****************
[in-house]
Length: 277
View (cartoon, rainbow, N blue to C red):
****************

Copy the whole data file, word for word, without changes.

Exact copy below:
[in-house]
Length: 277
View (cartoon, rainbow, N blue to C red):